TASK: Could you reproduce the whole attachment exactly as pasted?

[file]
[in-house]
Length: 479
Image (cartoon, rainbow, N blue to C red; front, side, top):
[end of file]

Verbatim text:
[in-house]
Length: 479
Image (cartoon, rainbow, N blue to C red; front, side, top):